Bunt, G. (2003). Suggests that a substantial number of Muslims use the Internet as a propagation and networking tool, to dialogue with each other, and to conduct research. For some, it is an important way to bypass state censorship and access other media, and it acts as a means of local and global contact. The Internet is used to disseminate and obtain decisions and points of interpretation on current events, and, for some individuals who are relatively unknown or treated as pariahs locally, to achieve fame in the larger Ummah. Since September 2001, Muslims’ activities and activism on the Internet have proliferated; meanwhile, those in power have increased attempts to restrict them. There is a small, albeit growing, minority in Muslim-majority countries that uses information and communication technologies. Muslim online discourses are part of the contemporary discussion about Islamic identities. The Internet “has not superseded traditional forms of political expression, but is a means through which conventional boundaries and barriers can be transcended”.
Taylor, J. (2003). Buddhism in Thailand has long been seen as a holistic cultural system. It’s only the beginning, but the Internet/Intranet is transforming religious space in Thailand. Nevertheless, arising from the Thai experience with modernity are new spatial possibilities engendered in large part by hyper technologies, especially the Internet. In Thailand, a number of orthodox Buddhist monks use this medium for teaching and establishing new religious communities that are not limited by location. A Thai social commentator, Sanitsuda noted on April 10, 2000 in the Bangkok Post, that “Digital dhamma” trend may soon even “threaten the standing of monks as religious experts”. Dhamma is the Buddha’s teachings or doctrine. In effect, Webmasters may become the new religious virtuosi, taking the place of monks as disseminators of information and knowledge. Also, mention by Sanitsuda was as one Webmaster says, “If monks don’t adapt, they will soon lose their role in society.” A Thai Webmaster, who maintains his site from a remote village in Chainat Province, North West Thailand, said that through his Web site he is attempting to make Buddhism accessible and meaningful again for the contemporary world. However, there is no indication that a Net community will replace a monastic community, as “Dhamma Web sites and will never decrease the importance of monks as role models for Buddhists”.
Hoover, S. and Clark, L. (2002). Religious broadcasting has provided an important platform for Evangelicalism as a movement, and helped put it on the cultural and political map. The emergence of the mass press changed many things, including the confident way that religious leaders could look at the world of the media. Up until the mid-eighteenth century, it was relatively easy to distinguish between the ’sacred’ realm of church, and the ’secular’ realm of the broader culture. However, is not to assume that an easy distinction can be drawn between the ’sacred’ church realm of religious tradition on the one hand and a ’secular’ media realm of popular practice on the other. The lines are blurred by history, practice, and social evolution. Instead, we must recognize that popular practice in the secular realm is having religious significance. The role of the historic faiths in such a context is first to listen and look at the cultural realm that is evolving and attempt to understand its logics, appeals, motivations, satisfactions, and meanings. Only then can productive efforts be made to be actively engaged in projecting, promoting, and articulating in a plausible and meaningful way, their symbols and values in an and meaningful way, increasingly complex and autonomous cultural landscape.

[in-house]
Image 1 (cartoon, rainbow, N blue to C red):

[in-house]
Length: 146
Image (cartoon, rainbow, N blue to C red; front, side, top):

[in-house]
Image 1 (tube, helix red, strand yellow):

van Binsbergen, W. (2004). A Dutch anthropologist and a certified traditional healer trained in Botswana maintain he can heal more effectively via the Internet. In Africa the global media such as television, the cell phone, and the Internet, of globally circulating manufactured consumer goods, and of globally available religious expressions such as Islamism and Pentecostalism, has brought the forms of African social and religious life closer to those in other continents today. Over the past 50 years, the social-scientific study of religion in Africa has grown from a mere trickle to a massive undertaking, now pursuing a variety of paradigms largely unheard of at the beginning of that period. Fifty years ago it would have been impossible to predict these recent developments. Giving prospects for the next half-century is no simpler, for there is no reason to assume that the pace of religious, social, political and technological change in the world is slackening now that mankind has managed to survive, barely, into the 21st century.
Posted on Moodle Saturday, May, 29, 2010